Re: [tied] Sanskrit Accents

From: Miguel Carrasquer
Message: 18309
Date: 2003-01-30

On Thu, 30 Jan 2003 21:52:12 -0000, "deshpandem <mmdesh@...>"
<mmdesh@...> wrote:

> I am wondering if there are signs of change in the nature of
>Sanskrit accent in the following way. Alternations like asti versus
>santi, and naumi versus nuva.h are linked to shifts of accent from
>the root to the suffix. If these sorts of shifts indicate that an
>unstressed vowel gets contracted, or at worst deleted, can one infer
>that the accent of Sanskrit in its formative stages was stress
>accent, rather than pitch accent as it get represented in Vedic
>traditions? Would pitch accent cause the same sort of contractions
>of vowels?

Not to my knowledge. Shortening, reduction or deletion of unaccented
vowels is surely the result of stress differences between unaccented
and accented syllables. That being said, stress accent and pitch
accent are not mutually exclusive: besides the possibility that PIE
went through a stress-accent stage first, then through a pitch-accent
stage, and then back to stress accent in many of its branches, we can
also imagine a scenario where PIE had had *both* types of accent
initially, and that some languages (e.g. Sanskrit) lost the stress,
while others (e.g. Latin) lost the pitch.

By the way, the alternation ásti ~ sánti (reconstructed PIE *h1és-ti,
*h1s-énti) can be accounted for by stress alone (**h1és-t(i) ~
*h1es-ént(i)), but in the case of náumi ~ nuváh. we need another
factor to account for the length (vr.ddhi) in the stressed member.
I'm not sure what it is: is the present tense of /nu/ a Narten

>My second question is this. While the correlation of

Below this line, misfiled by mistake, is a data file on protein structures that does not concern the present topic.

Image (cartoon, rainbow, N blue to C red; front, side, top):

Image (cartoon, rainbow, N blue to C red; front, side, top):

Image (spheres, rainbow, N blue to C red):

>vowel contractions with accent shifts is visible in verb forms and
>certain nominal paradigms, why is it that there is no similar effect
>left in the formation of Sanskrit compounds? Consider the accent
>difference between a versus a Bahuvriihi. There are no
>vowel alternations similar to naumi versus nuva.h between
>and Bahuvriihi. Is it likely that the nature of accent changed from
>the stage when forms like naumi/nuva.h originated to the stage when
>compounds emerged?

Certainly. By the time these compounds formed, Sanskrit was already a
pitch-accent language, so the stress difference (tatpurus.a's accented
on the final member, bahuvri:hi's usually on the first) did not have a
great impact on the phonetic shape of the unaccented part, except
perhaps for the loss of -n in bahuvri:his with n-stems as the last
element (vis'vá-karma or vis'vá-karman), the reduction of *-o:(y) to
-a in compounds made with sakha: (kava:-sakhá [note the accent,
however]), and -a > -i in dhu:má-gandhi (gandha-) and a some others.

Miguel Carrasquer Vidal